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The History of the Peloponnesian War

Page: 150

"And yet as sensible men, if we call in allies and court danger, it should be in order to enrich our different countries with new acquisitions, and not to ruin what they possess already; and we should understand that the intestine discords which are so fatal to communities generally, will be equally so to Sicily, if we, its inhabitants, absorbed in our local quarrels, neglect the common enemy. These considerations should reconcile individual with individual, and city with city, and unite us in a common effort to save the whole of Sicily. Nor should any one imagine that the Dorians only are enemies of Athens, while the Chalcidian race is secured by its Ionian blood; the attack in question is not inspired by hatred of one of two nationalities, but by a desire for the good things in Sicily, the common property of us all. This is proved by the Athenian reception of the Chalcidian invitation: an ally who has never given them any assistance whatever, at once receives from them almost more than the treaty entitles him to. That the Athenians should cherish this ambition and practise this policy is very excusable; and I do not blame those who wish to rule, but those who are over-ready to serve. It is just as much in men's nature to rule those who submit to them, as it is to resist those who molest them; one is not less invariable than the other. Meanwhile all who see these dangers and refuse to provide for them properly, or who have come here without having made up their minds that our first duty is to unite to get rid of the common peril, are mistaken. The quickest way to be rid of it is to make peace with each other; since the Athenians menace us not from their own country, but from that of those who invited them here. In this way instead of war issuing in war, peace quietly ends our quarrels; and the guests who come hither under fair pretences for bad ends, will have good reason for going away without having attained them.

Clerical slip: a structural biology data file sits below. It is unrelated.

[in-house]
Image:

"So far as regards the Athenians, such are the great advantages proved inherent in a wise policy. Independently of this, in the face of the universal consent, that peace is the first of blessings, how can we refuse to make it amongst ourselves; or do you not think that the good which you have, and the ills that you complain of, would be better preserved and cured by quiet than by war; that peace has its honours and splendours of a less perilous kind, not to mention the numerous other blessings that one might dilate on, with the not less numerous miseries of war? These considerations should teach you not to disregard my words, but rather to look in them every one for his own safety. If there be any here who feels certain either by right or might to effect his object, let not this surprise be to him too severe a disappointment. Let him remember that many before now have tried to chastise a wrongdoer, and failing to punish their enemy have not even saved themselves; while many who have trusted in force to gain an advantage, instead of gaining anything more, have been doomed to lose what they had. Vengeance is not necessarily successful because wrong has been done, or strength sure because it is confident; but the incalculable element in the future exercises the widest influence, and is the most treacherous, and yet in fact the most useful of all things, as it frightens us all equally, and thus makes us consider before attacking each other.


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